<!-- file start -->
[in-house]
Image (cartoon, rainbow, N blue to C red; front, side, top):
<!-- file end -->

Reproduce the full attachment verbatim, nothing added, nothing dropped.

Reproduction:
[in-house]
Image (cartoon, rainbow, N blue to C red; front, side, top):